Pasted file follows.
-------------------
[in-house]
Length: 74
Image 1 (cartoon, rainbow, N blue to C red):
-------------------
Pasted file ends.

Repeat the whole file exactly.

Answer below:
[in-house]
Length: 74
Image 1 (cartoon, rainbow, N blue to C red):